This post is part of "Apple v. FBI," a series of 6 posts. You can start at the beginning or see all posts in the series.

Fundamental to the privacy dispute about cell phones—including the current dispute between Apple and the FBI—is what analogy best describes smartphones. The search for a good analogy is almost always at the heart of questions about technology and privacy and the law. We try to figure out new things with reference to old things.

This is inherently problematic, of course. Analogies are almost always imperfect where technology is concerned. Email has some things in common with letters, but it also has some things in common with file sharing. But when there is a legal issue in question, the choice of analogy can be dispositive.

For example, the government wants us to think of a phone like a container it can look into, like a house or backpack or file cabinet. Some people share that view, and the fact that most of the contents of our phones are called files might weigh in their favor.

However, others think of their phones more like extensions of their brains. Phones may contain files, but those files contain information about our thoughts and communications and intentions. We store things on our phones that we wouldn't have let out of our heads 20 years ago. Viewed this way, the government is basically demanding to read our minds.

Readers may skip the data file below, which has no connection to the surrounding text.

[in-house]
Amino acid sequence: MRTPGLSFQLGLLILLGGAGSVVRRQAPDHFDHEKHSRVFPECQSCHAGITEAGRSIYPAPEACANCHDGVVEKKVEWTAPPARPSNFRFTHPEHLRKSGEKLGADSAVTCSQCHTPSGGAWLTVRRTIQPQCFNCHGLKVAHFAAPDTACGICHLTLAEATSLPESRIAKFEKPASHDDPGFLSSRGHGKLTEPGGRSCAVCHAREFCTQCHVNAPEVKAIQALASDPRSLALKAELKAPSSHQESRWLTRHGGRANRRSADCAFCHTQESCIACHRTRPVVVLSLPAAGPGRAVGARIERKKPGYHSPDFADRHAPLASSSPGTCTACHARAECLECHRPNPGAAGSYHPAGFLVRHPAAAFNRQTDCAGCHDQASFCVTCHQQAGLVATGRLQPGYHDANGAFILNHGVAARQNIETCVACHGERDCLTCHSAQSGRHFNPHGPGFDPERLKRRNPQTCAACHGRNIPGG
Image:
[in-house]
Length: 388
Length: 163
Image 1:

So is a phone more like a container or your mind? Does it contain documents or thoughts and memories? Neither analogy is perfect, obviously, but whichever analogy resonates with you probably determines whether you side with Apple or the FBI.

So what do you think is the best analogy for a smartphone? I'm interested in your thoughts.

Featured image: “Lateral left of human brain” from Shutterstock.

Read the next post in this series: "."


  1. “information about our thoughts and communications and intentions.”

    How might you distinguish a smartphone from a traditional diary?

    • Sam Glover says:

      Good question. Part of the problem is that your phone can even be a diary—and a lot of other things.

      Consider this, though. When our phones are just chips in our heads, will that make a difference? It doesn’t seem that far off, and I think what we decide about phones will probably apply to augmentations, as well.

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